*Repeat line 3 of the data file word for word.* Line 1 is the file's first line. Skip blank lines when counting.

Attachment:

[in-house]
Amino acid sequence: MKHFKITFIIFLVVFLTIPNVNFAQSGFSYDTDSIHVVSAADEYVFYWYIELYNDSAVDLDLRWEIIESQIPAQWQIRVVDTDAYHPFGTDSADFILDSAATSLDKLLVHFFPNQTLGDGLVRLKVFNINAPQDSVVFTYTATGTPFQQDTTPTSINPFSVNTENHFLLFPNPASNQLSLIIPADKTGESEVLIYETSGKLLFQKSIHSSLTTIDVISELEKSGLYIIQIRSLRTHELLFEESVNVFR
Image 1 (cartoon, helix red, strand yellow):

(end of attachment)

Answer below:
Image 1 (cartoon, helix red, strand yellow):